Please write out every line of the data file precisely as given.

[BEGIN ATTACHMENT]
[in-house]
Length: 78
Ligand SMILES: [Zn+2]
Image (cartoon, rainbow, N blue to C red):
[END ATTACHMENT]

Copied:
[in-house]
Length: 78
Ligand SMILES: [Zn+2]
Image (cartoon, rainbow, N blue to C red):